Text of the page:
US stocks rise as investors await the release of policy minutes from the Federal Reserve’s latest meeting for potential signs that the central bank may slow its pace of interest-rate hikes.
The S&P 500 climbed after closing at its highest level since mid-September. The Nasdaq 100 jumped after wavering as the session started. Sentiment was boosted after latest data showed US consumers dialing back short-term inflation expectations. Market trading volumes are expected to be lighter, given the US Thanksgiving holiday on Thursday.
Treasuries pared the gains it notched after weaker-than-expected purchasing managers’ index readings for November. A gauge of dollar strength dipped after data showed that US unemployment applications rose more than expected, in a sign of cooling in the labour market. Oil fell as the European Union discussed imposing a price cap on Russian oil between $65 and $70 a barrel.
The publication of minutes from the Fed’s November 1-2 meeting will be studied for how united policy makers were over a higher peak for interest rates than previously signalled in their fight against inflation. However, since that meeting, investors have parsed a bevy of economic data that somewhat eased inflation concerns. That, along with recent rhetoric from Fed speakers, has made some investors anticipate the central bank will moderate its pace of rate hikes soon.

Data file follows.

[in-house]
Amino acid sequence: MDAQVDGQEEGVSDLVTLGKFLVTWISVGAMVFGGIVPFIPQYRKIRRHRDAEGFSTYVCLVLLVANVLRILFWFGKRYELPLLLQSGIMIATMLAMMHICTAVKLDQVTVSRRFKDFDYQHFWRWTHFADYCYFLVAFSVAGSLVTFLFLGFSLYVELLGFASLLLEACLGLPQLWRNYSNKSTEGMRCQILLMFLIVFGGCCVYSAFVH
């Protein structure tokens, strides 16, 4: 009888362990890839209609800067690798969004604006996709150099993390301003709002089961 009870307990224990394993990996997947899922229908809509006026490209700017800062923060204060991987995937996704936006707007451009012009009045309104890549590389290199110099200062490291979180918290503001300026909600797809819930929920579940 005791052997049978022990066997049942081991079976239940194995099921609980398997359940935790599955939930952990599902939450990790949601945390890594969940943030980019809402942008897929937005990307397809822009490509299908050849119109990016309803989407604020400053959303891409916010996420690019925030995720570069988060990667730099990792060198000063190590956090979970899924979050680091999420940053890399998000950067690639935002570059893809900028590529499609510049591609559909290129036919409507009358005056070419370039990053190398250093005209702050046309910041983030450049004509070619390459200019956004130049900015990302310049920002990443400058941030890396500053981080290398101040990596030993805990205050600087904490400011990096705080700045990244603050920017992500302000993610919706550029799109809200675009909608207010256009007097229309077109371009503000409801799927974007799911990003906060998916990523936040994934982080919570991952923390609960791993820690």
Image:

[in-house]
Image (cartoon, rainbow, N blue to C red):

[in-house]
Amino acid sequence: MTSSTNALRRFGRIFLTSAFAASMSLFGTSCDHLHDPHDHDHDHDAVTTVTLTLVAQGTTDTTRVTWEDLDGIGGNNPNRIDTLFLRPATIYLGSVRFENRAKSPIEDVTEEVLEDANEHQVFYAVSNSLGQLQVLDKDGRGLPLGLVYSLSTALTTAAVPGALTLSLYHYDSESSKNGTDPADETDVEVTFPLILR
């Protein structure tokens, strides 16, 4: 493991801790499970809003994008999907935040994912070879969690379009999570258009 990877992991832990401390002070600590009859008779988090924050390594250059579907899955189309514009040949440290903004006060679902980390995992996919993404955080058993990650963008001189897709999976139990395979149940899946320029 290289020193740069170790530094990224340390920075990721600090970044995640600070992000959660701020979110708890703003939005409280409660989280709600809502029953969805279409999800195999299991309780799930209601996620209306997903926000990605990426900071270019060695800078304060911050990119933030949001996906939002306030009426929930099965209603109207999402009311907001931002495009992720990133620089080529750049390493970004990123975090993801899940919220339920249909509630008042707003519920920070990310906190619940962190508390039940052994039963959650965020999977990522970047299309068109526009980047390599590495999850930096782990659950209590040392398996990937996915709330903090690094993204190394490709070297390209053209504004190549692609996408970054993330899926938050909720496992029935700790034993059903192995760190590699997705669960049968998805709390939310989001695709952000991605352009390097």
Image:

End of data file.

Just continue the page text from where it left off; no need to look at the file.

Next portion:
“2022 was a year marked by extremely expensive starting valuations, resilient growth, very high inflation, and then very hawkish policy,” said Andrew Sheets, Morgan Stanley chief cross asset strategist, on Bloomberg TV. “When we think about next year, all those elements are somewhat different. Valuations have normalised. We think growth will be weaker, but inflation will be lower and policy will be a lot less hawkish.”
The “corrective price action” in the dollar, oil and Treasury yields suggests the market thinks peak inflation is behind us, says Craig Johnson, Piper Sandler’s chief market technician.
European investors, meanwhile, digested data showing that private-sector activity in Germany and France — the euro area’s top two economies — contracted in November. This painted a bleak picture for a region that may already be in recession. A separate survey showed that the UK economy is in recession, with the downturn expected to worsen into 2023.
A gauge measuring Euro-area activity in manufacturing and services unexpectedly rose in November. It signalled that businesses see tentative signs that the region’s economic slump may be easing as record inflation cools and expectations for future production improve.